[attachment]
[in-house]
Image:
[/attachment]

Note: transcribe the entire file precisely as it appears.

[in-house]
Image: